Established in 1987, the American Immigration Council is a non-profit organization established to increase public understanding of immigration law and policy, advocate for the fair and just administration of our immigration laws, protect the legal rights of noncitizens, and educate the public about the enduring contributions of America’s immigrants. Our legal department works with other immigrants’ rights organizations and immigration attorneys across the United States to promote full access to counsel at all stages of the immigration process, including deportation proceedings. Other priority areas include promoting transparency and accountability in immigration enforcement, preserving immigrants’ access to administrative agencies and federal courts, and promoting systemic reforms to fix long-standing problems with our broken immigration system.
The Council’s recent litigation accomplishments include:
THE CASE: Each year, the government initiates deportation proceedings against thousands of children, but does not guarantee that those children have legal representation. Like adults, children who cannot afford to hire an attorney or find pro bono counsel are forced to navigate the complex and adversarial immigration system on their own, even though the government is always represented by a trained attorney. Although this is a longstanding problem, the number of children affected by it has grown significantly as increasing numbers of children flee violence in Central America and are placed into the deportation process upon their arrival in the United States.
To address this problem, in July 2014, we and our partners (the ACLU, Northwest Immigrant Rights Project, Public Counsel, and K&L Gates) filed a nationwide class action lawsuit on behalf of children who are challenging the federal government’s failure to provide them with legal representation as it carries out removal proceedings against them. The complaint charges the Department of Justice, Department of Homeland Security, U.S. Immigration and Customs Enforcement, Department of Health and Human Services, Executive Office for Immigration Review, and Office of Refugee Resettlement with violating the U.S. Constitution’s Fifth Amendment Due Process Clause and the Immigration and Nationality Act’s requirement of a “full and fair hearing” before an immigration judge. It seeks to require the government to provide legal representation to all children in deportation proceedings.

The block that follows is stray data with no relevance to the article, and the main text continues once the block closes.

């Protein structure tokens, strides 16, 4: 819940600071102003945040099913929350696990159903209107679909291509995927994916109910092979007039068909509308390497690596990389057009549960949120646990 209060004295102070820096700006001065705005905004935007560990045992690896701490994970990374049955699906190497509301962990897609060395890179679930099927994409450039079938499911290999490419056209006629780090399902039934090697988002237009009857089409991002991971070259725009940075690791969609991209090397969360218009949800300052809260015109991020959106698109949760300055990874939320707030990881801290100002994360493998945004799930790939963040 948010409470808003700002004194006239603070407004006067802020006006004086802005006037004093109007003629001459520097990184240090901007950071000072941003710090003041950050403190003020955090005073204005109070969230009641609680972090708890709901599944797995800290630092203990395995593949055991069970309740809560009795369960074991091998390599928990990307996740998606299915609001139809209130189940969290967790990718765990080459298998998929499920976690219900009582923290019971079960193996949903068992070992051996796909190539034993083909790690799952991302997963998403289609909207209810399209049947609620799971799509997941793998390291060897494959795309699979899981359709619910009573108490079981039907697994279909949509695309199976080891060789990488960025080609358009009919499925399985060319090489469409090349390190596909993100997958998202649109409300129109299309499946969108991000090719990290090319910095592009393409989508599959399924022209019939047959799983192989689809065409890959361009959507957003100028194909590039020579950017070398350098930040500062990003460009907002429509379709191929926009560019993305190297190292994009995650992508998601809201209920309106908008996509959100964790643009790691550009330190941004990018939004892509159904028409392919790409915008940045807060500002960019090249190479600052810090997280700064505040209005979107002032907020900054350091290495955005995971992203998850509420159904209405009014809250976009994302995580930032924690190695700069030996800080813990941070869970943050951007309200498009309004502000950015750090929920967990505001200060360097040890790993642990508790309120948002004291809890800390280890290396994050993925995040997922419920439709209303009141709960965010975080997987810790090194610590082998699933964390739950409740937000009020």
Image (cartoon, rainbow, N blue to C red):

Contact: Melissa Crow, Legal Director, American Immigration Council, 1331 G St. NW, Suite 200, Washington, D.C., 20005
Beth Werlin, Deputy Legal Director, American Immigration Council, 1331 G St. NW, Suite 200, Washington, D.C., 20005